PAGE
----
During the Canadian election, I was approached by a representative of CanWest to submit blogs for their Election Issues coverage on www.canada.com Two of my blogs were submitted, and both were selected. I considered it a serious honour to be invited to participate and to lend my words to those of other Canadians discussing issues on their minds. Since my blog address was published, presumeably exposure in this national forum would increase blog traffic and I would be able to enjoy the prestige of having my words in such a professional milieu.
Having permitted them to reprint my words, I was surprised to notice at the bottom of my reprinted piece (c) Postmedia News. Huh? Nowhere in our correspondence did they ask for nor did I give them copyright. I gave them reprint permission. Interesting, isn’t it? If some text book or magazine wants to reprint it, will they be paying Postmedia News or will they be coming to me, the author and legitimate copyright holder of the work? What would it cost me to fight it?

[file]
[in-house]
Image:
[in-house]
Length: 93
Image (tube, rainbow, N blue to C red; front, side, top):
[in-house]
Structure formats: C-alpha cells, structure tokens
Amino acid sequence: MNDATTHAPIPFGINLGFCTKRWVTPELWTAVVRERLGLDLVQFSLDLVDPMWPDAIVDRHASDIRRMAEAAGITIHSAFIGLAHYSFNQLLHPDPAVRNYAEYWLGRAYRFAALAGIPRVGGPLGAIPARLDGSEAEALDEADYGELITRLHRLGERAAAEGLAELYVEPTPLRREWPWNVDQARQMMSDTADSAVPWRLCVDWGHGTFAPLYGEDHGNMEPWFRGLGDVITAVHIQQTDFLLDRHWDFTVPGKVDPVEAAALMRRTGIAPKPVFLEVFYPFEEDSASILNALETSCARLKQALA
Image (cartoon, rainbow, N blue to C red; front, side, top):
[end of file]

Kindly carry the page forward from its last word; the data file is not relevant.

There is an issue among professional writers with respect to news agencies using nonprofessional, unpaid writers who work for the glory of seeing their byline. It’s pretty cool, but an unpaid byline doesn’t put bread on the table of anyone’s family, except perhaps the publisher who’s enjoying the free labour. On the other hand, how does one earn a professional reputation except through giving some words away? It’s a bit of a tightrope, to be sure.
According to the shawnbird.com site stats, although there was a bit of a spike on April 26 and 27th, there was no increase in traffic after the May 2 article was posted on canada.com which suggests that the exposure didn’t generate the potential blog traffic. None the less, it was entertaining reading the comments from readers who would not normally have been exposed to my blog, and it was a thrill to see my words in a national forum. Perhaps there will be some name recognition in the future. I’m not really counting on it, though. We Canadian artistes know that with too much free exposure you can freeze to death, after all.